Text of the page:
Interview with Kraedt:

Kraedt [pronounced crate] hails from Wisconsin in the United States, and has been surrounded by music his entire life. He played trumpet for his school’s band and later on learned how to play the guitar. Around the age of 16 he started getting into music production. In 2010 he played around with electronic music production, but got serious with it late 2011 early 2012. He is a talented producer who created many upbeat and energetic songs like Zero Gravity and Levitate. featured some of his work on our showcase; however we are not the only ones to notice his talents. A game called Disco Dodgeball, developed by Erik Asmussen and published by 82 Apps, features three of Kraedt’s songs. Kraedt is certainly on his way to the top. He took some time to do an interview with us and we invite to read further, so you can know the story behind the music featured on this website.

Thank you, Kraedt, for taking the time to do an interview us. What inspired you to start creating music?

My main inspiration, in the form of an artist I enjoyed the most when I began producing, was Pendulum. I was inspired by their music and decided to cover a couple of their songs. I enjoyed making those covers, and proceeded making music and started producing my own original Drum n’ Bass. Later on, I discovered different genres of electronic music (Progressive and Electro House are still my favorites), and I began producing what’s known today as ‘EDM’.

What are some of things that set your music apart from the rest?

I feel as if my music has a different energy than a lot of other EDM that’s out there. Seeing as I’ve stemmed from Drum n’ Bass, I’ve always had a strong focus on energy as the main mood of the music I produce. If a track I’m working on doesn’t have a certain level of energy, it’s not good in my mind and I’m forced to either change/improve it or scrap it.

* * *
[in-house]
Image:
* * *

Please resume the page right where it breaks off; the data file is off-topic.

What are some the things that you would like to accomplish with your music?

As much as I enjoy releasing my music for free and watching people delve into it and enjoy it, I would really like to get to a point where I can comfortably produce music on a daily basis (in short, quitting my day job). I feel that might be quite a long time from now, but in the meantime I’ll be working hard at getting there.

Has the path you chosen, as a recording artist, taught you any lessons that you would like to share with fans or fellow artist?

One thing I noticed when I was quickly growing as a producer is that I started to lose focus on what’s important in music: the actual music. As I was learning the technical side of music production (mixing, mastering, stereo imaging, etc.), I became a bit lazy with the composition of my songs and they became rather dull and boring. I would end up not finishing the tracks, because they were very unfinished and I would get stuck. My tip for any newer producers out there is to keep your focus on the music; Don’t let getting a cleaner, louder mix get in the way of the creative process that’s important for making good music.

Fun Question: If you could go anywhere in the world to do a show, where would you go?

Honestly, I have no idea. From what I’ve seen and where I’ve been so far, there are so many amazing places to play at, there would be too many for me to choose from. For sure it would be some place in America though, because we all know American’s love to party!

Once again thank you for taking the time to answer all of these questions, Kraedt.

Thank you for visiting Kraedt’s website! Please feel free to explore his latest works of digital art.